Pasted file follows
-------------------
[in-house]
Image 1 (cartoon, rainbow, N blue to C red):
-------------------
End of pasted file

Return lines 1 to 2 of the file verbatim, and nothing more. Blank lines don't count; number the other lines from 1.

[in-house]
Image 1 (cartoon, rainbow, N blue to C red):